Before "The Authentic Life of Billy The Kid" was performed Thursday night at the Kennedy Center's Terrace Theater, author Lee Blessing, as winner of the American College Theatre Festival play award, was given his Dramatists' Guild card, the promise of a Samuel French edition of his play, a $2,500 check and a contract with the William Morris agency.
He now, undoubtedly, will be invited to a vast suite of offices in New York, where promising show business careers are screened and certified, to receive some hard-nosed, paternal counsel about his future. The drift of the counsel ought to run like this:
"Lee you are a talented writer and we are honored to have you with the agency. That scene, for instance, where old Billy the Kid - if he is Billy the Kid - and old Pat Garrett try to settle just how many people Billy ever really killed, 6 or 21? You had the audience hanging on the edges of their seats in that scene. That actor - Brruce Shapiro? - he was a help, of course, the way he played the Kid like some crazy hamster with the D.T.s. We should have signed him up, too.
"But not to beat around the bush, Lee, there are plays meant to be seen and there are plays meant to win prizes. Your play was a helluva piece of work - from the prize-winning aspect. What could be more American and at the same time, less risky than Billy the Kid and Pat Garrett? A terrific choice! And Myth versus Reality - what a theme! Heavy, but not too heavy.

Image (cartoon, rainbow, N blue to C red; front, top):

"Those lines you gave the journalist. They just tied it all up like a Christmas present. 'The West is what you make it and that's all it is.' And his telling Pat, 'You didn't kill the boy, but you killed his name. That's more important.'
"Everyone was bowled over by the eerie production. That Twlilight Zone set. Those ghostly, swinging saloon doors. That rocking chair that rocked without anybody sitting in it. The wind howling through the rafters."Some people, it's true, might call the whole thing a little pretentious, Lee, especially all those reenacted shoot-outs toward the finish. But the proof's in the pudding, we say. You won the prize, and here you are, and there's nothing to stop you from trying something a little lighter, a little peppier the next time out. Is there?
"For our part, we look forward - and we mean this sincerely - to collecting a healthy share of the profits from the rest of your life."